President Donald Trump took aim at California governor Gavin Newsom Sunday morning over wildfires raging across the southern and western parts of the state, chastising Newsom for letting environmentalists run the show, preventing the state from adquately clearing brush and dead vegetation.
Trump also threatened to cut off Federal funding to California for fire abatement and land management if Newsom doesn’t shape up.
The Washington Times reports that Trump took a break from tweeting about the Democrats’ plan to open public impeachment proceedings to declare Newsom a failure.
“The Governor of California, @GavinNewsom, has done a terrible job of forest management. I told him from the first day we met that he must ‘clean’ his forest floors regardless of what his bosses, the environmentalists, DEMAND of him. Must also do burns and cut fire stoppers…..” Trump tweeted.
“Every year, as the fire’s rage & California burns, it is the same thing-and then he comes to the Federal Government for $$$ help. No more,” the president continued. “Get your act together Governor. You don’t see close to the level of burn in other states.”
“But our teams are working well together in putting these massive, and many, fires out. Great firefighters! Also, open up the ridiculously closed water lanes coming down from the North. Don’t pour it out into the Pacific Ocean. Should be done immediately. California desperately needs water, and you can have it now!” he concluded.
Newsom took a while to fire back, electing to hit Trump over his own environmental policies. “You don’t believe in climate change. You are excused from this conversation,” Newsom tweeted back at the President.
The pair enjoy sparring over Twitter, and Sunday’s exchange is the latest in a series. Trump and Newsom tangled over Newsom’s “gross mismanagement” of California’s forests last year at this time, as a different set of forest fires raged across the state. Earlier in October, Newsom and Trump exchanged barbs over California’s outrageous gas prices and Newsom’s plan to mandate the adoption of electric cars (a plan that now seems to be on hold given Newsom’s war of words with California electricity provider, PG&E).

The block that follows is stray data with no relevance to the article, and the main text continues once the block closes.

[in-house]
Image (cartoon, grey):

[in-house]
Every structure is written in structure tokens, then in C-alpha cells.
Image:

The tiff between the two leaders seems to be largely a social media phenomenon. Newsom speaks with Trump fairly regularly — even on the same day he officially demanded Trump’s tax returns — and recently declared a state of emergency in California, opening the state up for Federal aid. When state legislators tried to punish the Trump Administration for rolling back EPA regulations on wetland preservation, Newsom vetoed their bill.
Trump’s take on the wildfires does have its problems — much of the area currently on fire is Federal land, for example, and not the state of California’s responsibility — and his quip about water seems to assume that the eternal battle between California’s water-hoarding environmentalists and its desperate farmer, who need more water to irrigate crops has an impact on the state’s ability to fight fires. But it does draw attention to an issue Newsom seems to regularly gloss over: that climate change may have very little (if anything) to do with California’s wildfire problem.
Reuters pointed out during last year’s spate of wildfires that California’s land management does seem to be partially to blame, and human encroachment on natural forest land contributes to the uptick in visible damage. California’s forests are overgrown, but that’s by design. Logging is restricted. And environmentalists in California have pushed policies to increase forest area (in order to help draw more carbon from the atmosphere) without a plan to clear dead and decaying trees and undergrowth.
The Trump Administration has a plan to ease environmental restrictions and speed forest thinning, according to Business Insider, but those changes have yet to take effect — and it may take years for progress to happen, even when they do.
The plan also might not have much effect on fires like the ones burning in California at the moment. The Getty fire is burning on a hillside, not in a forest, and the Kincaid fire is burning across farmland. At least one of this year’s fires was sparked by a faulty electric grid, putting the state’s electricity provider, PG&E into the mix. PG&E has, in turn, shut off electricity to millions while it assesses its grid, complicating the situation.